Innowattech Proves It Can Collect Energy From Highways and Byways

innowattech israel pizoelectric road energy parasitic
“Parasitic” energy harvesting systems. An Israeli company shows it can collect energy from Israel’s highways.

Think of the volume of traffic on your city highways. It’s just going to waste. But hopefully not for long: an Israeli company Innowattech has found a way to take the mechanical energy created by cars to convert it to power we can use.

I’ve interviewed Innowattech when they started releasing news about their pizoelectric harvesting system late in 2008 and earlier this year, and in a new Globes story, the Green Autoblog reports on the company’s progress.

Placing their power generating crystals underneath roads in Israel, Innowattech has been demonstrating how its technology works. In conjunction with the Israel National Roads Company and the Technion –  Israel Institute of Technology (where the research behind the company first began), the company has installed its small piezoelectric generators five centimeters below the asphalt’s surface.


As the weight of the cars pass over the collection system Innowattech is able to capture energy that would otherwise just go to waste. The test site in Israel was at the Hefer intersection along the old coastal road of Route 4 in Israel.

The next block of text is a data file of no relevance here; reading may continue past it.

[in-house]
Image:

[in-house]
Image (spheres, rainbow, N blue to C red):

Collecting some 2000 watts an hour in “regular” traffic conditions – that is not during traffic jams –– Innowattech stores the energy in its roadside batteries that can be used the power for street lamps and small neighbourhoods – or we suppose, when the technology allows it, the power collected could straight to the grid.

Drivers in Israel reported feeling no difference between roads with or without the system, and the technology could go much farther, the company admits, when battery storage technology improves.

Many Israeli companies including the electric car company Better Place (working with Ontario as Canada’s Israel reported earlier) find that Israel is the perfect playground for testing out new technologies. The government and local industry is quick to support new initiatives.

And if you are interested in what’s new, some projects and approaches will be unveiled at the country’s annual President’s Conference in Jerusalem this week.

According to Green Autoblog: Innowattech’s “first implementation was over a relatively small ten-meter stretch of road on Israel’s main north-south highway, and is now being placed in one-kilometer sections for further study.”

Innowattech, founded by Prof. Haim Abramovich, from the Faculty of Aerospace Engineering at the Technion Israel Institute of Technology, created a sensation last year when the company released news that it was planning a pilot plant in Israel to generate energy from cars as they drive down the road.

Prof. Abramovich tells me that he has no plans on limiting the technology to roads. The basic principle could be applied to city sidewalks, it could be put in McDonald’s stores as people stand in line, he says, or it could be used on airport runways or on train tracks. Electric burgers, electric runways, and electric avenues! Eddy Grant should be proud.